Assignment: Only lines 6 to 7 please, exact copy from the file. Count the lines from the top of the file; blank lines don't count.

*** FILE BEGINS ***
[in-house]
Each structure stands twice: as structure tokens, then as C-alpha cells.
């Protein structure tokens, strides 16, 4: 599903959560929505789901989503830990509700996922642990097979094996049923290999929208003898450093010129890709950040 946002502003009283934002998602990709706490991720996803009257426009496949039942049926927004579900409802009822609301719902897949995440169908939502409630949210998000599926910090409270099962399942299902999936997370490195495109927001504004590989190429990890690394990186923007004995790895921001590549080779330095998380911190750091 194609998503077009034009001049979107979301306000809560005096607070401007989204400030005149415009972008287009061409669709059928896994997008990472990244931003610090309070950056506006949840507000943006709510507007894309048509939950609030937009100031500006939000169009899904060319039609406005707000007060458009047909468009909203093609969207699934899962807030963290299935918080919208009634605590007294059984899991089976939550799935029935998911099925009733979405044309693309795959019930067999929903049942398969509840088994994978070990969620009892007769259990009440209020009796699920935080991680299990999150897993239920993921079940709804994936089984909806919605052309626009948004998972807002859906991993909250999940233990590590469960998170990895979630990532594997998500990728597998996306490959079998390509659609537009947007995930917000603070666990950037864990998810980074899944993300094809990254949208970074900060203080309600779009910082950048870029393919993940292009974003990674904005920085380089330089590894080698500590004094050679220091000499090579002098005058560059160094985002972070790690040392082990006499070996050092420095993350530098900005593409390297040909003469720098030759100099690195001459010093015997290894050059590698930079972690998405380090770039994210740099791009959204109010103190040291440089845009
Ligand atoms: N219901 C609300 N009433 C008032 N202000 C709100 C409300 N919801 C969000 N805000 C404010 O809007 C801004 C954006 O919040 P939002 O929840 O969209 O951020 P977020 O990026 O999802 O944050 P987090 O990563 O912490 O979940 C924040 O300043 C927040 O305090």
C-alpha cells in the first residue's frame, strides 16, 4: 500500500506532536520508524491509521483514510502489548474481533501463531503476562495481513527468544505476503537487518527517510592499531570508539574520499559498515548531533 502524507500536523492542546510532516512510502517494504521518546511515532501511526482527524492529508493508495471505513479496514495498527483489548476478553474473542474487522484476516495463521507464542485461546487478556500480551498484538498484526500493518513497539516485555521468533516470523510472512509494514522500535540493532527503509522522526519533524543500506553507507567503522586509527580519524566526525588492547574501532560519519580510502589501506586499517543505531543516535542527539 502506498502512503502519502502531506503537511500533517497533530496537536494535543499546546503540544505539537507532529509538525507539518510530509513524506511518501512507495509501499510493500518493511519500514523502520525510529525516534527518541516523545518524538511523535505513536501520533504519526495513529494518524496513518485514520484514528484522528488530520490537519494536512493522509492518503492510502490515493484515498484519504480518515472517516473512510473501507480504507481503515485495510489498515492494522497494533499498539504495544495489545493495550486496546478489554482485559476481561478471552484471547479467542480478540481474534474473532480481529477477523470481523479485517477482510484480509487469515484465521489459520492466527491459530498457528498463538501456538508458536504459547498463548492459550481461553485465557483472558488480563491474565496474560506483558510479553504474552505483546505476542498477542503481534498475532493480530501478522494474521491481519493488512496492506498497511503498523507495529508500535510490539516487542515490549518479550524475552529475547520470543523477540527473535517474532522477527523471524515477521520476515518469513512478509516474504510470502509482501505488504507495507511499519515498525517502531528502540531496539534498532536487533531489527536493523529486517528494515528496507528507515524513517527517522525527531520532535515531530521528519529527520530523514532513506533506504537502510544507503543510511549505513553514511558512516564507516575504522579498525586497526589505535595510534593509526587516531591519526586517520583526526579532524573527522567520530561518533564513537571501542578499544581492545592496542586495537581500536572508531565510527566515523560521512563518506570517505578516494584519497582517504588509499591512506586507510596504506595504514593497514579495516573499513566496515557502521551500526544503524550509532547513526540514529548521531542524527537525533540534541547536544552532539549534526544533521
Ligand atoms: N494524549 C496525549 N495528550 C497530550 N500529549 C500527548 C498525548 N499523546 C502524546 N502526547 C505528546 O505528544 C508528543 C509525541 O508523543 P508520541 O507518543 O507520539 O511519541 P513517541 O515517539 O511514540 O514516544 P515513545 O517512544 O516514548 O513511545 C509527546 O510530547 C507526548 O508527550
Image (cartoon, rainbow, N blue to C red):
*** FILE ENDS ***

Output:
Ligand atoms: N494524549 C496525549 N495528550 C497530550 N500529549 C500527548 C498525548 N499523546 C502524546 N502526547 C505528546 O505528544 C508528543 C509525541 O508523543 P508520541 O507518543 O507520539 O511519541 P513517541 O515517539 O511514540 O514516544 P515513545 O517512544 O516514548 O513511545 C509527546 O510530547 C507526548 O508527550
Image (cartoon, rainbow, N blue to C red):